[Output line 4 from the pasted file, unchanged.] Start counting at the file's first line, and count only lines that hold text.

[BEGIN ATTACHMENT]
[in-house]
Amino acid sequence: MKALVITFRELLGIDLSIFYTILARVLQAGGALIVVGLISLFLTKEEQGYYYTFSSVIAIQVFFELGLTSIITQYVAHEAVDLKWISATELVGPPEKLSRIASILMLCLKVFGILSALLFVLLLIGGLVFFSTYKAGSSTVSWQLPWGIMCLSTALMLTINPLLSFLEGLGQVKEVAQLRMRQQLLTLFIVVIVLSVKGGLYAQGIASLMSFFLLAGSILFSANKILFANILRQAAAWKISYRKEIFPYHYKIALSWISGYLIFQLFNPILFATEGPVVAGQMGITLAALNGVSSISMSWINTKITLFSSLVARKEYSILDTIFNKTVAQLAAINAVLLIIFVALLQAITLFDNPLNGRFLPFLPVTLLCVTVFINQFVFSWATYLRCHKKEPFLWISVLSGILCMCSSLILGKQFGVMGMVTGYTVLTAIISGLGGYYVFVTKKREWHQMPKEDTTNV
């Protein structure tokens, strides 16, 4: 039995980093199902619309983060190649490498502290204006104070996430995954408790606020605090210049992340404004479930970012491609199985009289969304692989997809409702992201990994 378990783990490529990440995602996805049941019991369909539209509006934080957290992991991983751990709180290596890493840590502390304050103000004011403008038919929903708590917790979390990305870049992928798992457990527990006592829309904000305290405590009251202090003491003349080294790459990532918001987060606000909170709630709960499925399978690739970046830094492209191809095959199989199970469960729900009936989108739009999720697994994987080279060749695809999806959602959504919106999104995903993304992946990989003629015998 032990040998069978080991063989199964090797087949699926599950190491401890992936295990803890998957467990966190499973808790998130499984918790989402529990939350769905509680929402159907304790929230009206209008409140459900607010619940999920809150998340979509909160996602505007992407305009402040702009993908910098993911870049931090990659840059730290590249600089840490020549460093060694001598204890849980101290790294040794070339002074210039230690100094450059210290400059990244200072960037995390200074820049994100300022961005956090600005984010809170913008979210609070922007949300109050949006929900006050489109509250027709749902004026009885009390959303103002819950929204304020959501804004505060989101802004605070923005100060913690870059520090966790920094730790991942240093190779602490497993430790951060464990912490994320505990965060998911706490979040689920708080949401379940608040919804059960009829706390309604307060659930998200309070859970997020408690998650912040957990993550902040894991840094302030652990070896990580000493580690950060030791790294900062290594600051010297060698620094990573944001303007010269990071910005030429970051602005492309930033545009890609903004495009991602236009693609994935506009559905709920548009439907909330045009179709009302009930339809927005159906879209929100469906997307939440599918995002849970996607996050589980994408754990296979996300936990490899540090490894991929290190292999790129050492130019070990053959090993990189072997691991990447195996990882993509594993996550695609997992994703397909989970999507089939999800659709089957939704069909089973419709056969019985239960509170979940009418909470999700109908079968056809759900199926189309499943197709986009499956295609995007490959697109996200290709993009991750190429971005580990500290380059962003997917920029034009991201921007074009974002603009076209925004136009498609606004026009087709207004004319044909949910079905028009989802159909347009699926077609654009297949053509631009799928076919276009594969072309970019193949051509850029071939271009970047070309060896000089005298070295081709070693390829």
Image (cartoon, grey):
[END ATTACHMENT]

Image (cartoon, grey):